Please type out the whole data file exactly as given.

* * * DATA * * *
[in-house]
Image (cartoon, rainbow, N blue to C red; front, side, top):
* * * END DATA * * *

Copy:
[in-house]
Image (cartoon, rainbow, N blue to C red; front, side, top):